Locales and Code Pages
A locale ID reflects the local conventions and language for a particular geographical region. A given language might be spoken in more than one country/region; for example, Portuguese is spoken in Brazil as well as in Portugal. Conversely, a country/region might have more than one official language. For example, Canada has two languages: English and French. Thus, Canada has two distinct locales: Canadian-English and Canadian-French. Some locale-dependent categories include the formatting of dates and the display format for monetary values.
The language determines the text and data formatting conventions, while the country/region determines the local conventions. Every language has a unique mapping, represented by code pages, which includes characters other than those in the alphabet (such as punctuation marks and numbers). A code page is a character set and is related to the language. As such, a locale is a unique combination of language, country/region, and code page. The locale and code page setting can be changed at run time by calling the setlocale function.
Different languages might use different code pages. For example, the ANSI code page 1252 is used for English and most European languages, and the ANSI code page 932 is used for Japanese Kanji. Virtually all code pages share the ASCII character set for the lowest 128 characters (0x00 to 0x7F).
Any single-byte code page can be represented in a table (with 256 entries) as a mapping of byte values to characters (including numbers and punctuation marks), or glyphs. Any multibyte code page can also be represented as a very large table (with 64K entries) of double-byte values to characters. In practice, however, it is usually represented as a table for the first 256 (single-byte) characters and as ranges for the double-byte values.
For more information about code pages, see Code Pages.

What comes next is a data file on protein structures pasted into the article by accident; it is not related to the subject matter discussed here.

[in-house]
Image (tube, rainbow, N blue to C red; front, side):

The C run-time library has two types of internal code pages: locale and multibyte. You can change the current code page during program execution (see the documentation for the setlocale and _setmbcp functions). Also, the run-time library might obtain and use the value of the operating system code page, which is constant for the duration of the program's execution.
When the locale code page changes, the behavior of the locale-dependent set of functions changes to that dictated by the chosen code page. By default, all locale-dependent functions begin execution with a locale code page unique to the "C" locale. You can change the internal locale code page (as well as other locale-specific properties) by calling the
setlocale function. A call to
setlocale(LC_ALL, "") sets the locale to that indicated by the operating system user locale.
Similarly, when the multibyte code page changes, the behavior of the multibyte functions changes to that dictated by the chosen code page. By default, all multibyte functions begin execution with a multibyte code page corresponding to the operating system's default code page. You can change the internal multibyte code page by calling the
The C run-time function
setlocale sets, changes, or queries some or all of the current program's locale information. The _wsetlocale routine is a wide-character version of
setlocale; the arguments and return values of
_wsetlocale are wide-character strings.